Bronze Bug: A New Threat to Eucalyptus Trees in California

Jun 12, 2017

Bronze Bug: A New Threat to Eucalyptus Trees in California

Jun 12, 2017

[From the May 2017 issue of the UC IPM Green Bulletin]

The bronze bug (Thaumastocoris peregrinus) (Fig. 1), a serious and potentially damaging, sap-sucking insect pest of eucalypts, has very recently been detected in southern California. This pest is reported to destroy extensive areas of leaf tissue, often giving it a bronze tint, turning it yellow, red, and then brown to tan. Damage from the bronze bug eventually leads to leaf loss, canopy thinning, branch die back, and even tree death. A wide host range and its ability to survive in a variety of climate zones have made this small pest especially invasive.


Native to Australia, little was known about the bronze bug prior to 2002 when significant populations of the pest suddenly occurred on ornamental landscape plantings in Sydney. This pest spread rapidly to countries in Africa, Europe, South America, New Zealand, and now the United States.

The bronze bug was first detected in California in early June 2016, on Eucalyptus in North Hollywood. It was found again in July in Long Beach on E. globulus (blue gum). These sightings are new records for North America but the pest is likely to be much more widely spread in eucalypt-rich southern California.

Host Range

Over 30 species and hybrids of eucalypts in the genera Eucalyptus and Corymbia are recognized hosts of the bronze bug. Host eucalypts common in the southern California landscape include Corymbia citriodora (lemon-scented gum) (Fig. 2) C. maculata (spotted gum), Eucalyptus camaldulensis (red gum), E. globulus, E. grandis (flooded or rose gum), E. nicholii (narrow-leaved black peppermint), E. pulverulenta (silver-leaved mountain gum), E. rudis (flooded gum), E. saligna (Sydney blue gum), E. sideroxylon (red ironbark), E. tereticornis (forest red gum), and E. viminalis (manna or ribbon gum).

Insect Identification

Adult bronze bugs have a flattened, elongated body and are 2 to 3 mm long (Fig. 1). They are light brown, often shiny, and have darker or reddish brown areas. The head is broad with bulging, red eyes and elongate, conspicuous mouthparts. Antennae are light brown with black tips.

Eggs are lain in clusters on leaves and twigs (Fig. 3) and are dark, oval, 0.5 mm long, 0.2 mm wide and appear as tar-like marks (Fig. 4). Crawlers and young nymphs are orange with dark brown spots on their thoraxes and some abdominal segments. Eyes and the area around dorsal abdominal scent glands are red (Fig. 5).


Bronze bug adults and nymphs typically occur together on the same leaf. Developmental time is about 20 days at temperatures from 63-68°F with 5 instars. Adult females live about 15 days and a female can lay up to 60 eggs. Eggs hatch in 4 to 8 days and nymphal time is 17 to 25 days.

The bronze bug is thought to have dispersed to new regions primarily on infested plant material. Eggs can be borne on bark, flowers and inflorescences, and fruit; adults, eggs, and nymphs on leaves and seedlings; and eggs and nymphs on above-ground stems, shoots, trunks, and branches. Within a region, long-distance flight is thought to be the primary method of dispersal although wind and birds are also implicated. It is also possible that this pest can hitchhike on travelers' clothes, aircraft, land vehicles, and luggage.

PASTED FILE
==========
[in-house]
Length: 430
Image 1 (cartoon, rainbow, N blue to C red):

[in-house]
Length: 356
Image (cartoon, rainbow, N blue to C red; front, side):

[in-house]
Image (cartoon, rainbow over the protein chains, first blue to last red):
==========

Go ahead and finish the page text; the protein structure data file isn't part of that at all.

Symptoms and Damage

Because bronze bugs are gregarious and typically occur in substantial quantities with nymphs and adults together, the first indication of an infestation might be the pest itself and its black egg cases and black, shiny, varnish-like, tiny, pin-point fecal deposits (Fig. 6).

Initially, leaves can be heavily infested yet show no discoloration or other symptoms. To date, we have been unable conclusively to confirm or associate the typical leaf discoloration described in the literature for the bronze bug in California. Previous studies reported that as bronze bug populations build and feeding intensifies, leaves typically have irregular reddish, reddish yellow, or yellow-brown areas that have a general bronzy tint. However, these leaf colors and other abnormal-appearing growth patterns are common on healthy and pest-free trees across the genera Corymbia and Eucalyptus, and can also be due to other factors, including cultivation, senescence, and unexplained, normal physiological responses (Fig. 7).

Advanced and or heavy infestations eventually lead to extensive areas of chlorotic and necrotic tissue that is tannish or silvery, as if chlorophyll has cleared in irregular patches. In these instances, abundant adults, nymphs, and black egg cases are typically visible. Severe infestations can lead to leaf loss, canopy thinning, branch die back, and even tree death. Severe symptoms are especially common on E. camaldulensis, E. grandis, and E. viminalis while in other species, symptoms are often less severe and include only silvering.


Because the bronze bug is primarily spread over long distances among urban centers by humans, better monitoring and control at transportation hubs is critical to prevent spread of this pest.

Biological control might be the most feasible way to control the bronze bug. Two parasitic wasps have been established as egg parasitoids of the bronze bug in Australia but their effectiveness has not been thoroughly assessed. Lacewings, assassin bugs, a predatory stink bug, and entomopathogenic fungi such as Beauveria bassiana and Erynia radicans, have been reported as natural enemies of the bronze bug in other countries.

Read the full article including cited references at and direct link

-Donald R. Hodel, Landscape Horticulture Advisor, UCCE Los Angeles County,; Gevork Arakelian, Entomologist, Los Angeles County Agricultural Commissioner/ Weights & Measures,; Linda M. Ohara, Biology Sciences Lab Technician, El Camino College,